As you probably guessed, not least from Claire’s sprauncy attire, the theme of the album is travellers; those who journey willingly and those forced to travel; those who journey heroically and those for whom it is just a way of life. The opening track, ‘The Lothian Hairst’, concerns the latter, gangs who worked the harvests in the 19th century, beginning in the Lothians and moving northwards as they followed the ripening grain. Told from the point of view of a female worker it sounds like a great life and benefits from a modern arrangement featuring Jenn Butterworth’s guitar and Tom Gibbs’ piano plus the sound of scythes: another of Thomson’s touches.

‘Jack The Sailor’, a variation on the female midshipman theme, is completely different, racing along on Laura Wilkie’s fiddle and driven by Andrew Waite’s accordion while ‘Seven Gypsies’ and  ‘Sailin’s A Weary Life’, with its doom-laden arrangement,  both concern loss but for very different reasons. Next comes ‘Fair Weather Beggar’, the first of Claire’s own songs, about an Edinburgh busker who doesn’t like the rain, followed by a rather pretty written song from the 18th century. ‘Logie O’ Buchan’ is the age-old story of the lecherous landlord and the poor couple forcibly separated.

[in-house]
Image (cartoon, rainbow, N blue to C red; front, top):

Claire’s second original song, ‘Noble Helen Of Cluden’, is based on a possibly true story borrowed by Sir Walter Scott for The Heart Of Midlothian and is a sort of twist on ‘Geordie’. ‘Jamie Raeburn’ is a fairly familiar transportation ballad and in complete contrast it’s followed by Dave Alvin’s ‘King Of California’ which tells another age-old story set this time in gold-rush America. Finally we have ‘Ten Thousand Miles which closes with the same sound that begins ‘The Lothian Hairst’; soft strings that are probably Wilkie’s fiddle treated by Thomson.